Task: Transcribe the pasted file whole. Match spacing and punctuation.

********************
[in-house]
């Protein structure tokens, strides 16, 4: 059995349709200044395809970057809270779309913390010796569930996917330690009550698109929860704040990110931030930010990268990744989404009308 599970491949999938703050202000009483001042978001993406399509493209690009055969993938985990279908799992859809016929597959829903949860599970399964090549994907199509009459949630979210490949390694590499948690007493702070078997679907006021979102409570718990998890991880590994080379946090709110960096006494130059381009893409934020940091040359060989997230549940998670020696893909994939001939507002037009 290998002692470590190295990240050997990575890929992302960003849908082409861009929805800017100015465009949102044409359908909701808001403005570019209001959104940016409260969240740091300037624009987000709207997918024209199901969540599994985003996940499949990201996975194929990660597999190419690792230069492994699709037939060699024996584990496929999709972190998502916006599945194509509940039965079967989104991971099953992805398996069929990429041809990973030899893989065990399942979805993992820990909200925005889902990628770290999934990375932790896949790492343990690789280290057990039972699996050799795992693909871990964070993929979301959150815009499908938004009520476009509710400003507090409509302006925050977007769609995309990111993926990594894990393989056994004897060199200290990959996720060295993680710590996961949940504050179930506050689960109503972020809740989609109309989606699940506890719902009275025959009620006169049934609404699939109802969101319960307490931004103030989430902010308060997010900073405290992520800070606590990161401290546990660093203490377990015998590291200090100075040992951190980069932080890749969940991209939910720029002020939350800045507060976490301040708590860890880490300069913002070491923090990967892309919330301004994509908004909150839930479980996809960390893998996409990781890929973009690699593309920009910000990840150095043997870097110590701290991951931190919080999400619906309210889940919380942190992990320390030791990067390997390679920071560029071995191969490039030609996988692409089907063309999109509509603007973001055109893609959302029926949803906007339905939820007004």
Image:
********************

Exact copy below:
[in-house]
């Protein structure tokens, strides 16, 4: 059995349709200044395809970057809270779309913390010796569930996917330690009550698109929860704040990110931030930010990268990744989404009308 599970491949999938703050202000009483001042978001993406399509493209690009055969993938985990279908799992859809016929597959829903949860599970399964090549994907199509009459949630979210490949390694590499948690007493702070078997679907006021979102409570718990998890991880590994080379946090709110960096006494130059381009893409934020940091040359060989997230549940998670020696893909994939001939507002037009 290998002692470590190295990240050997990575890929992302960003849908082409861009929805800017100015465009949102044409359908909701808001403005570019209001959104940016409260969240740091300037624009987000709207997918024209199901969540599994985003996940499949990201996975194929990660597999190419690792230069492994699709037939060699024996584990496929999709972190998502916006599945194509509940039965079967989104991971099953992805398996069929990429041809990973030899893989065990399942979805993992820990909200925005889902990628770290999934990375932790896949790492343990690789280290057990039972699996050799795992693909871990964070993929979301959150815009499908938004009520476009509710400003507090409509302006925050977007769609995309990111993926990594894990393989056994004897060199200290990959996720060295993680710590996961949940504050179930506050689960109503972020809740989609109309989606699940506890719902009275025959009620006169049934609404699939109802969101319960307490931004103030989430902010308060997010900073405290992520800070606590990161401290546990660093203490377990015998590291200090100075040992951190980069932080890749969940991209939910720029002020939350800045507060976490301040708590860890880490300069913002070491923090990967892309919330301004994509908004909150839930479980996809960390893998996409990781890929973009690699593309920009910000990840150095043997870097110590701290991951931190919080999400619906309210889940919380942190992990320390030791990067390997390679920071560029071995191969490039030609996988692409089907063309999109509509603007973001055109893609959302029926949803906007339905939820007004």
Image: